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attcalc (attcalc-4.39) [xmmsas_20211130_0941-20.0.0]


This task operates on event data in an event list. It computes celestial (tangentially projected) coordinates on an event-by-event basis and stores them in pre-existing empty columns X and Y (if these columns do not exist they will be created within attcalc).

Each calculated integer X/Y pixel position is the result of a spacecraft (S/C) aspect-corrected projection of an event's position on the detector onto a plane tangent to the celestial sphere. Thus, the task takes into account the facts that the pointing and position angle of the S/C can vary during the observation, as can in fact the boresight offsets of the individual instruments. The entire set of X/Y pixels can be thought of as representing an image of the observed region of the sky during the entire exposure.

The computed sky pixels, X and Y, shall be `fixed' to a reference point whose equatorial coordinates (R.A. & Dec.) will be stored as standard World-Coordinate-System parameters. (Note: it should be possible for FITS readers such as "kview", "ds9", "Ximage", "saotng" or the FTOOL "xy2sky" to compute the actual R.A./Dec. values of each individual photon.)

The reference point is user-selectable from the following alternatives, chosen via the parameter refpointlabel: it is taken either from the current nominal pointing direction of the S/C (refpointlabel=nom), from the pointing direction of the celestial object in question (refpointlabel=obj), from the mean pointing direction of the S/C during the observation (refpointlabel=pnt), or from any fixed point in the sky given as a user-supplied R.A./Dec.  coordinate pair (refpointlabel=user). In the first two cases, the celestial coordinates of the reference point are taken respectively as the values of the RA_NOM,DEC_NOM or RA_OBJ,DEC_OBJ values in the input event file header. RA_NOM and DEC_NOM are the boresight RA/Dec values of the prime instrument (i.e. the proposed pointing), while RA_OBJ and DEC_OBJ are the coordinates of the proposed target. These values are written into the event file header by epframes or emframes. In the third case the mean or median (chosen using the parameter withmedianpnt) pointing direction of the spacecraft over the entire observation is used. This is actually calculated by the task atthkgen (which must be run earlier in the task chain), and placed by attcalc in the event file header as attributes RA_PNT and DEC_PNT (along with PA_PNT). An attribute AVRG_PNT is also written indicating whether the mean or median PNT values have been written. The parameter atthkset is used to give the name of the atthkgen output file. If the atthkgen output (default name atthk.dat) does not exist, a warning message is given, no PNT attributes are propagated to the event file, and, if refpointlabel=pnt is chosen, the RA_NOM, DEC_NOM values are used instead. A boolean parameter withatthkset exists to determine whether the task should access the atthkgen output file or not. In the fourth case, the coordinates of an arbitrary reference point have to be supplied by the user via parameters nominalra and nominaldec.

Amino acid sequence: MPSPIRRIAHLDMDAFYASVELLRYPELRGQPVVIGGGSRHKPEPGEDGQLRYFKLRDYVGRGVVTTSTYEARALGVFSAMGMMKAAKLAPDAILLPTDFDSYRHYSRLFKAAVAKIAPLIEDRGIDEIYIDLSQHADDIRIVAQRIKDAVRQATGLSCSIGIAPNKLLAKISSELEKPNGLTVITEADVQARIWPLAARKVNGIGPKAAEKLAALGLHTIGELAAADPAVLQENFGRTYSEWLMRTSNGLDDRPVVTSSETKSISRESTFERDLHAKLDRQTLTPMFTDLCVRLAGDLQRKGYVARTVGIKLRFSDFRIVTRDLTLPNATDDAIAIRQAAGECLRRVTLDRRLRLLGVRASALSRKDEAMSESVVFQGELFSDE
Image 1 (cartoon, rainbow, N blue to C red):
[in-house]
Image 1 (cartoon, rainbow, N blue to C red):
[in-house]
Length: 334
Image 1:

A string is input to the parameter attitudelabel, determining from which source the attitude data should be obtained. Possible values are: "ahf" (data are to be read from the attitude history file), "om" (data are to be read from OM tracking history file on the ODF) and "fixed" (no data from the ODF shall be used but the S/C's attitude is assumed to be fixed during the observation). Although the OM attitude information may be more accurate, it will not be present throughout part of the observation, and as such, the default source for the attitude data should be "ahf". If "fixed" is chosen, then the attitude information has to be specified via the parameters fixedra, fixeddec and fixedposangle.

The attitude information (obtained from the user, or from the ODF via an OAL call [i.e. not from the atthkgen output file]) is transformed from spherical to parallel or TAN (gnomonic) coordinates (see Greisen E.W., Calabretta M., `Representation of celestial coordinates in FITS' 1995, adass, 4, 233). The boresight offset for the particular instrument in question is then accessed (from the Current Calibration File), and applied to the transformed attitude information. The task takes into account the fact that the pointing and the position angle of the S/C (in the ahf/om cases), and the boresight corrections of the individual detectors can vary during the observation. In cases where the OAL call gives back `invalid pointing data', then the X/Y position of the events in question are set to NULL. The value `INDEF' appears in the X/Y columns for these events.

This boresight-corrected attitude information can then be used to correct each events DETX and DETY into the sky co-ordinates X and Y. Note that the calculation of the boresight-corrected attitude information need only be done for each frame, not for each event. Though the input event file will have many events (perhaps millions), there will only be a few thousand frames, where new boresight-corrected attitude information need be calculated.

The sky coordinates, X and Y are north-oriented, i.e. the central `line' of increasing Y-coordinate (and constant X-coordinate) points towards the celestial north pole ($+Y$ axis corresponds to increasing values of declination, $+X$ axis corresponds to decreasing values of right ascension).

If a specified event list has already been processed with the attcalc task, the columns X and Y shall be re-calculated and a corresponding informative message shall be reported.

In TIMING and BURST modes, attcalc works in exactly the same way: The attitude information is used, as in IMAGING mode, to correct, via the same transformations, each events DETX and DETY into the sky co-ordinates X and Y.

XMM-Newton SOC -- 2021-11-30